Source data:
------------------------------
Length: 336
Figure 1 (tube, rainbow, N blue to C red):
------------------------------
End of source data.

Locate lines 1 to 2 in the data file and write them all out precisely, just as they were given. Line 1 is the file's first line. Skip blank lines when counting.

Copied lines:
Length: 336
Figure 1 (tube, rainbow, N blue to C red):